"You know doz are bad for your teeth," he comments after a moment of silence. "Rot dem right out wit' so much sugar." While Ziadie still clutches the sign, he hasn't mentioned money or anything once. The sign reads homeless, need money, and nothing else.

The teen still looks uncertain about how to answer Ziadie. He reaches up with one hand, biting off the part of the straw that's in his mouth, and chews on it as he decides how to answer. "That's bad for you too," he tells the large homeless man, indicating to where the bottle was returned to his jacket. "Rots your brain. Nobody'll give you money or a job like that." He holds up the straw. "At least I can brush after these."

The old man nods. "So I been told, a bit." He speaks with an accent, vaguely Caribbean, though it goes in and out and isn't always noticeable. After a moment, the cardboard sign he holds disappears into his jacket, too, and he bends slightly so he's eye level with the kid, though he still leans on the pole. Surprisingly able for an old man. "Everyone says it. No one thinks to give an old man de dignity to choose how he wants to live an' die." His voice has a hint of the gravel of age in it, and is quiet, but there's certainty in the statement as well.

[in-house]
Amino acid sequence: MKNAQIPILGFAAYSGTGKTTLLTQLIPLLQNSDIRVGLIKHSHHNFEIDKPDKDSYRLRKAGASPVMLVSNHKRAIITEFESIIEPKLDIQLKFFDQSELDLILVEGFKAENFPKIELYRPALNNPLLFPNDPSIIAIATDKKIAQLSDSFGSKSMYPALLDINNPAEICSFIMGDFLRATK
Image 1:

Keagan still keeps himself out of arms reach, about ten feet away as he speaks. "Why would you want to choose to live like this?" he asks. "I mean…you stand on the street and do nothin' all day." He looks around. "And between you and me, I think you suck as a beggar." Sweet kid, isn't he? "You're as big as an ox, and there's construction all over here, why don't you get a job? You just lazy?" Easy accusation for someone who isn't even old enough to work yet.

Ziadie lets out a laugh, and points to the cane, vaguely, and then to a group of medals that are pinned to his jacket. He had a job, at one point, it would seem. "If only it was dat simple," he says. "Job, job. Yes, but no one hires an old man who can tell when he's being lied to, cheated, gimmicked out of legally required pay. What'd you know about jobs, anyway?" Ziadie remains at eye level with Keagan, without it seeming to be too much of an effort.